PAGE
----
2. Ooh, I need to read this one! One of my coworkers is Chinese (immigrant, not Chinese-American), and her uncle owns a couple of Chinese restaurants here. We talk a lot about real Chinese food versus American-Chinese food; I wonder if she might enjoy the book as well.

    • If she reads it I’d love to know her opinion!

    • After living in China for a year, I came home with a level of back street food experience (bordering on snobbery) that took the happy away from me going to my home city’s “Happy Dragon” restaurant for me. ๐Ÿ˜‰ But I have found one little hole in the wall with amazingly authentic “ji rou chao mian” (chicken fried noodles) and one Chinese friend taught me how to make some easy homemade comfort food (search: “comfort food” on my blog and you’ll find it). Anyway, I had never heard of this book but it sounds like a really fun read.

      • It’s funny, because my friend says that actually the food she’s found that’s most similar to something she would actually eat at home is Panera’s Asian Chicken Salad. She said the dressing is almost exactly like what you would serve with a cold appetizer (I think there wouldn’t be chicken in the salad, it would just be an appetizer and not a main dish) before a meal, and that Panera’s chef must have been to China. o_0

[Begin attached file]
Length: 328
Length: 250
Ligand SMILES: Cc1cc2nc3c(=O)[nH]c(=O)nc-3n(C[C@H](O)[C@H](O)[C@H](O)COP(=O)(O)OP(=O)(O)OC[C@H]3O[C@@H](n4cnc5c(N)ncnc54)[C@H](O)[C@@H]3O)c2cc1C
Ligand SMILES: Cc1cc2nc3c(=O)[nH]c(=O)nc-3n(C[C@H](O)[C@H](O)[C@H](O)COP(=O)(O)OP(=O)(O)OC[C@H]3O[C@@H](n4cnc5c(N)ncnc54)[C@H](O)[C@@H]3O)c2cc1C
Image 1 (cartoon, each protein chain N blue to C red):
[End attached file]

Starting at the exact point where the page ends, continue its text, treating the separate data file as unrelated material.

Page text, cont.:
• That is funny. And it makes me want to try that salad; I’ve been there before but I’ve never tried it. Wonder if there chef really had been to China or if it developed some other way.

          • No idea. Also, once our other coworker asked her if he could have her family recipe for fortune cookies and was so disappointed to learn that they don’t actually eat fortune cookies in China…luckily she finds all this pretty amusing and doesn’t take offense.

          • That is hilarious that someone asked for her family recipe for fortune cookies.

      • It was a lot of fun for me – I’m not sure how you’d like it with your background. Although it’s a really quick read, so it’d be easy to check it out from the library and see if it’s to your taste. Sorry, couldn’t resist the food pun.

        Is this chicken fried noodles place nearby? Because I’m curious enough that I’d like to try it if it is. And if I can get someone to go with me. ๐Ÿ™‚

  3. I loved, loved, loved this book! I learned that crab rangoon is mainly a midwest dish (and a yummy one at that). I did read Salt and it was a great book but very dense!

    • Good to know about Salt – it’ll stay on my TBR list but it might be awhile before I get to it.

      Who am I kidding, of course it’ll be awhile before I get to it. ๐Ÿ™‚

  4. If you accepts awards, I’ve just nominated you for the Liebster Award – because you’re awesome ๐Ÿ™‚ http://doingdeweydecimal.wordpress.com/2012/10/18/liebster-award/

    • Thank you very much! I haven’t actually thought about whether or not I accept awards, since this is such a new blog. I appreciate it!

  5. I am so intrigued, Sheila! Thanks for the recommendation!

  6. Wow! Looks like this needs to go on my to-read list ASAP! So many of you loved it!

    • I love the enthusiastic response to this one; I almost didn’t include it because it’s so hard to explain why I love it so much. I decided that I had to, and I’m so glad I did. ๐Ÿ™‚